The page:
Burnout is on the rise. Employees who were under stress before the pandemic often found that their workloads increased during it. With perks like business travel and social gatherings stripped away, the ‘always on’ culture that has been exacerbated by the digital transformation of organisations got worse.
With people spending their days on video meetings while working from home, they were often unable to separate their work lives from their personal lives. This led to increased levels of stress and anxiety but also caused people to reassess what they were looking for in their work.
Here, co-founder of leadership advisory service Wading Herons, corporate strategy guru and future of business expert Micael Johnstone explores what burnout is and how you can spot – and stop – it…
“A recent report by worldwide employment website Indeed found that over half of workers experienced burnout in 2021 while the World Health Organisation (WHO) places the cost of depression and anxiety to the global economy at $17 trillion. Before Covid the WHO declared stress to be the single biggest health epidemic of the 21st century.
What is burnout and how can you spot it?
Burnout is a syndrome resulting from chronic workplace stress that has not been successfully managed. It is characterised by the WHO has having three dimensions – feelings of energy depletion or exhaustion; increased mental distance from your job, or feelings of negativity or cynicism about work, and reduced professional efficacy/effectiveness.
Spotting burnout can help you recognise when things may be getting too much for you or your colleagues. The 12 phases of burnout, as identified by psychologists Herbert Freudenberger and Gail North, are:
- Excessive drive/ambition and need to prove yourself and your value
- Pushing yourself to work harder/being a workaholic
- Neglecting your own needs (self-care like sleep, exercise, socialising and eating well)
- Displacement of conflict (blaming others for pushing yourself too hard or you feeling stressed)
- Revision of values – family and friends seem less important.
- Denial – do you get impatient/intolerant and blame others?
- Withdrawal – are you avoiding social interaction, or self-medicating with alcohol or drugs?
- Behavioural changes, including being snappy and aggressive
- Depersonalisation, feeling detached and questioning your value
- Inner emptiness and turning to external gratification through overeating, sex, alcohol or drugs
- Depression, feeling lost and fearing the future
- Burnout syndrome – a mental or physical collapse requiring medical attention.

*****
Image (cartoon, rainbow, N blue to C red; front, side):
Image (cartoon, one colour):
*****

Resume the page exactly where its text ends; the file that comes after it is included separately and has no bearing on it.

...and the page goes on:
I’ve experienced burnout myself and seen it impact colleagues, friends and loved ones. As a dad I didn’t want my son to have to put up with the same stress and outdated ways of working.
Thankfully, many modern businesses know that the nine to five and daily commute is now a thing of the past. To keep the best talent, companies are essentially having to invert the old model where employees might work from home one day a week. They’re having to get really creative about how to engage teams and build loyalty and engagement. Days in the office need to be worth it to ensure people feel valued and listened to.
But such a radical change isn’t easy and organisations are having to rapidly reassess how they relate to their people. The tyranny of the office has been overturned and we know that our people can be trusted.
Unplugging and time for self-care and fun is absolutely vital to ensure employees get the right balance at work. Time to switch off is essential if we want creative, innovative and happy individuals and teams. In a world where machines are increasingly replacing humans at work, we need to use all our unique strengths that technology can’t replicate!
Three practical steps you can take:
- Build in time for self-care during the working week. Take time to eat properly and step away from your computer regularly. Get some fresh air!
- Digital switch-off. Make sure you’re not checking your emails and your phone after working hours or at the weekends, unless something really is an emergency!
- Share with a friend. Find a colleague, friend or loved one who you can check in with regularly to support each other, share problems and discuss how you’re feeling.”